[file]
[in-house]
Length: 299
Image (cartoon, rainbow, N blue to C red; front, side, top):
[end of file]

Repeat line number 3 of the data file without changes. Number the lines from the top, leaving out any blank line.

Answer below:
Image (cartoon, rainbow, N blue to C red; front, side, top):